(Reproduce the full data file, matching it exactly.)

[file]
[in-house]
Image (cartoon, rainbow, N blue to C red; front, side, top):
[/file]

[in-house]
Image (cartoon, rainbow, N blue to C red; front, side, top):